Due to the long periods of sluggish economic growth and high unemployment rates, a significant portion of labor resources have been forced out of labor supply in Armenia. Since its independence, the total population of Armenia has been steadily declining, a trend that is particularly acute among working-age population. The decline of the working-age population paralleled with increasing number of over working-age population poses significant challenges for the economy. First, this means higher tax burden on employees; secondly, the required changes in the social policy based on intergenerational solidarity principle. The pension reform adopted in 2014 provides good evidence of this. Thirdly, the level of economic activity declines which further decreases the economy and the value added.
The decrease of population has two underlying reasons: high levels of emigration (about 160 thousand Armenians permanently left the country throughout 2011-2017) – and the low levels of birth rate. The fertility rate per woman decreased to 1.57 in 2017 compared to the level of 2.54 in 1990s. In parallel to this, the average maternal age has increased – reaching 27 years.
The depopulation poses serious dangers on the economy, especially combined with the alienation of working-age population from the value creation process. In fact, both economically active population (unemployed population), and economically non-active population (hopeless population), as well as the population that does not belong to any of the mentioned groups (migrant workforce) is left out of the value creation process.
Since the recent economic growth has been largely driven by the productivity increases, it did not contribute to decreasing the unemployment level in the country. This means, there has been no significant increase of jobs as a result of economic growth. One of the negative aspects of this phenomenon is the growing number of migrant workers. Productivity led economic growth has increased the share of economically active population where the hopeless and housekeepers form the majority.
If the latter group is not enough flexible in reorienting towards new jobs, then hopeless ones can rapidly become economically active, as these are the people who have stayed unemployed for a long period of time, lost the hope of finding a job and thus became economically inactive.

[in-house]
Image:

In 2017, 562,000 “potentially employable” people were out of economic value creation processes, which resulted in about 55% lower GVA creation compared to the potential level
Thus, there are three groups in the working-age population who have all the chances and prerequisites to be a part of economic processes. Those are: migrant workforce, unemployed and hopeless people.
Distribution of unused potential, 2015-2017
According to official statistics, 220,000-250,000 people qualify as working migrants annually, the overwhelming portion of which are travelling to Russia. In particular, this number reached 232,000 in 2017. In the same year, the number of unemployed was 219,000 and the hopeless accounted for 111,000. Altogether, in 2017 the number of unused potential labor resource reached the level of more than 560,000, which constitutes more than 55% of the employee pool of the same year.
Comparison of unused potential, 1000 people
To better visualize the consequences of unused workforce for the economy, we assessed the potential loss of gross value add (GVA), assuming constant economic structure and productivity per employee.
Comparison of GVA, billion AMD
The comparison of actual and potential GVAs clearly shows that on average 55% of lower than potential value added was created throughout the last three years due to lack of employment opportunities. In other words, the GVA in Armenia at this point is at least 55% lower than its potential level assuming full employment in the country.
by Sergey Manukyan, Analyst